Students must form a committee to approve the review article. The committee must consist of at least two faculty members (with one being the student’s faculty adviser).
Students should submit an outline (no more than 10 pages) to the committee detailing the purpose and content of the review. Students may work closely with their faculty adviser in generating the detailed outline, which should then be presented to the review committee. Following the defense of the outline, the rest of the review article must be completed without faculty editing. Students and their faculty adviser should discuss the nature and conceptualization of the article at length, but, once writing has begun, there is no further faculty editing.
The review article should be submitted to the committee in manuscript form (authored by the student). The student should receive written feedback from the committee members about the review (in a form similar to a review of a manuscript submitted for publication). The faculty adviser will coordinate the review process. If it is deemed appropriate, the review article may serve as the basis for the introduction to the student’s dissertation.
Candidacy requirements consist of completion of the five research benchmarks (first-year research project, research day, thesis, presentation of research at a national conference or publication of research in a professional journal and review article). Students must also complete the core clinical courses to qualify for advancement to candidacy (Clinical Research Methods, Seminar in Adult Psychopathology, Theories and Methods of Psychotherapy, Psychological Assessment and Ethics in Psychology). Advancement to candidacy is necessary for students to initiate dissertation research and to apply for an internship. Students are required to complete their candidacy requirements by the end of their third year (August 31) in the program. An extension of one year may be granted by the dean upon submission of a petition endorsed by the department.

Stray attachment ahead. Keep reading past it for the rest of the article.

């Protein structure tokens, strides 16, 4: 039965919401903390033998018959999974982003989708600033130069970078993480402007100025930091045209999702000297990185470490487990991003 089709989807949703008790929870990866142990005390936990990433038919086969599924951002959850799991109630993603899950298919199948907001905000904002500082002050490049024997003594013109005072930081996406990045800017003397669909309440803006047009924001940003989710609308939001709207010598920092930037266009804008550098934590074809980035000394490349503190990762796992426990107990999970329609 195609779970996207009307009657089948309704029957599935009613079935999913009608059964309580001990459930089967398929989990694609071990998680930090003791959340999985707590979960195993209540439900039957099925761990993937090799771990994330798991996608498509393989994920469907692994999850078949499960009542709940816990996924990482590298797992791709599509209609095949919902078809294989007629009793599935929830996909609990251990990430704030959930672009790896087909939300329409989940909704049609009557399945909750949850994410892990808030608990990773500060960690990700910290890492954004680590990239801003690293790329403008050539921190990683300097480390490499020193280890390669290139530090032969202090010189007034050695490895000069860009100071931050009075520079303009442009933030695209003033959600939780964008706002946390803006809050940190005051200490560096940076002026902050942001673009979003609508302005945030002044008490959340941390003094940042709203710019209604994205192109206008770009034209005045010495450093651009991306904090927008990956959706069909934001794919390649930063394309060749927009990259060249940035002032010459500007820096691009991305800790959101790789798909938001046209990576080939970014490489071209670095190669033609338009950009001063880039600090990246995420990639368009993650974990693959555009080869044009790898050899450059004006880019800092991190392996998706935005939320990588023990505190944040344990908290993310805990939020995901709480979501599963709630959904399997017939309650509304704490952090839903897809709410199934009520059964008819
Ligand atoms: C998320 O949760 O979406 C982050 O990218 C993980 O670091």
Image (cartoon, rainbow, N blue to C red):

6. Dissertation The dissertation is comprised of an original empirical research project with the potential to contribute to the knowledge base in the area of clinical psychology.
Before approval to begin the dissertation, students must propose the project formally to the dissertation committee. The dissertation committee shall consist of (1) the faculty adviser, who will serve as chair, (2) at least two other tenured or tenure-track faculty from the department of psychology and (3) at least one external reviewer who is either a faculty member outside of the department of psychology, or with the approval of the department chair and the graduate dean, a scholar not associated with SMU. The faculty adviser must be a tenured or tenure-track faculty member.
Successful completion of the dissertation will be determined by an oral defense before the student’s dissertation committee.
Note: Students are required to obtain approval from the SMU IRB prior to initiating any research.
PSYC 6091-6098. Integrated Practicum Seminar.
PSYC 6191 – Psyc 6198. Clinical Practicum. (eight one-hour credits)
PSYC 6305. Quantitative Methods I.
PSYC 6307. Quantitative Methods II.
PSYC 6310. History and Systems of Psychology.
PSYC 6311. Seminar in Social and Personality Psychology.
PSYC 6312. Seminar in Developmental Psychology.
PSYC 6314. Seminar in Adult Psychopathology.
PSYC 6316. Seminar in Cognitive Psychology.
PSYC 6317. Seminar in Physiological Psychology.
PSYC 6324. Clinical Research Methods.
PSYC 6351. Theories and Methods of Psychotherapy.
PSYC 6353. Psychological Assessment.